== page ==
More information about the Sustainable History Monograph Pilot can be found at https://www.longleafservices.org.
ISBN 978-0-295-74871-9 (hardcover)
ISBN 978-0-295-74872-6 (paperback)
ISBN 978-0-295-74873-3 (ebook)
To Jean and Bill Hauser for the questions they taught me to ask
Modern colonial empires were built in many places in the world by the simultaneous capture of human labor (in the form of slaves, indentured servants, indebted workers, and sharecroppers) and natural endowments (in the form of soil-water relations and varied nonhuman life) for the production of agricultural commodities exported to distant lands in service of global markets. In this book, we encounter one set of such capture processes in one Caribbean location, an island, that was the site of historical and archaeological research that informs the work.
Centered on the sugar economy that emerged in eighteenth-century Dominica to serve a world demand for sweetness, and on the power relations it forged,1 Mark Hauser’s wonderful study covers the environmental conditions in which sugar plantations, slave systems, and struggles over water and soil formed in the modern Caribbean. As an archaeologist writing colonial history, he brings talents and perspectives to this work that are often not found, even in some of the more careful historical studies. At the same time, he offers welcome analysis of the gradual, fitful, and often unpredictable ways in which local economies encounter global pressures and flows, and traces more precisely the transformations that are swept into current, rather un-nuanced, discussions of the Anthropocene and its variants, such as the Plantationocene.2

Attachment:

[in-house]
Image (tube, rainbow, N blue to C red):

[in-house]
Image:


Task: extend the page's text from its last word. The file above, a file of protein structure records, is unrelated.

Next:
As Hauser notes, precolonial empires were built, particularly in the Americas, by directing local agriculture, and its command over water resources, to the production of crops and goods that served the purposes of large-scale polity building. In that sense, the arrival of Europeans in the Caribbean and the harnessing of land, water, and labor to the production of sugar and other crops for the world commodities market was another wave of such dispossession, redirection, and capture. It included the loss of many freedoms among the local communities and the importation of others in servitude, this time from Africa. To document this process—the ecological relations with which the production and decline of plantations are enmeshed—Hauser focuses on three issues: scarcity, mobility, and ideas of belonging. After discussing the material record of slavery and providing a description of the water channels and systems, he shows how security, flows, and belonging are both experienced and expressed.